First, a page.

1,500 Jailed Cubans to Be Repatriated as Prisons Braced
An estimated 1,500 Cuban inmates in federal prisons will be repatriated, Justice Department officials said Tuesday, adding that they had taken steps to guard against rioting by prisoners angered by the move.
Guards locked down all 2,592 Cuban inmates in maximum- and medium-security federal prisons after telling them before dawn about the plans to send 1,500 back to Cuba, Justice Department spokesman Carl Stern said. Cubans in lesser security prisons were not locked down.
Stern said there are 4,500 Cuban prisoners in 37 federal facilities.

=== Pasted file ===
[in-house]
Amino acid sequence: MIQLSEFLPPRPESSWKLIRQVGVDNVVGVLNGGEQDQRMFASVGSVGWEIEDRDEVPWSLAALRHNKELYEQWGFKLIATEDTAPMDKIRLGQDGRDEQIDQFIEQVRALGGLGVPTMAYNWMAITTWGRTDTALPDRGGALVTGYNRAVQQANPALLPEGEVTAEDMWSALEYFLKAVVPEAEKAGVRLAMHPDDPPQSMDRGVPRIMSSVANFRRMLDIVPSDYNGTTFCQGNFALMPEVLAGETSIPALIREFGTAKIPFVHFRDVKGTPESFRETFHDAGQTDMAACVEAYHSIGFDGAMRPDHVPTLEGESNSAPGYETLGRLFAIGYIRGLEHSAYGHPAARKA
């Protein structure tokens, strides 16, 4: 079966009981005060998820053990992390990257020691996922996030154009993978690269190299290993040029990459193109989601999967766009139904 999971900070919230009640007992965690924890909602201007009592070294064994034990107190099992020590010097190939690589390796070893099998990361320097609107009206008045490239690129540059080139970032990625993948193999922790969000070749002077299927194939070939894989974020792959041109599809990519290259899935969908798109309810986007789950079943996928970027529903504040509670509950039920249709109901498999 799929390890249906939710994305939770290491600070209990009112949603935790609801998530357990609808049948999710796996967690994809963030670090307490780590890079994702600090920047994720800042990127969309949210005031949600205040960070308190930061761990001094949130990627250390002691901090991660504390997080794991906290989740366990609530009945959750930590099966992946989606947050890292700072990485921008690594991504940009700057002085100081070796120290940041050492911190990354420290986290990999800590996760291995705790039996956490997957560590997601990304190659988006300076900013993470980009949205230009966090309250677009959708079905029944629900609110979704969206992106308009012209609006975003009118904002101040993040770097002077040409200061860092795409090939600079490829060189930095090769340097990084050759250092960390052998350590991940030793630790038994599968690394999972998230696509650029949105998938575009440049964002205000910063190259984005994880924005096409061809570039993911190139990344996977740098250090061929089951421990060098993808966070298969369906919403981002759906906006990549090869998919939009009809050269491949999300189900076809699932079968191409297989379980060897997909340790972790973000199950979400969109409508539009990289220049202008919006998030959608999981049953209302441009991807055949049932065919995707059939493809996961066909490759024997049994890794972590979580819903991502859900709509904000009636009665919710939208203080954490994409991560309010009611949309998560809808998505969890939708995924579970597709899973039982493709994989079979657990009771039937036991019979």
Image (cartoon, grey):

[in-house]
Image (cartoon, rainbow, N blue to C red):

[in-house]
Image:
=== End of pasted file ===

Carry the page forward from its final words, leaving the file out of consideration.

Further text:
The only inmates to be sent home under the U.S.-Cuba agreement would be those who arrived in the 1980 Mariel boatlift and later committed serious crimes in America, Justice Department spokesman Carl Stern said.
The prisoners who will be returned to Cuba will remain in segregation while the rest will be sent back to their cells.
The special precautions were taken to prevent uprisings that have occurred in the past among Cubans opposed to returning to their homeland, Stern said.